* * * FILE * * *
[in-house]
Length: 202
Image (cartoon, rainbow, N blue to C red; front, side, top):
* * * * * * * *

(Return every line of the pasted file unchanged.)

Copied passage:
[in-house]
Length: 202
Image (cartoon, rainbow, N blue to C red; front, side, top):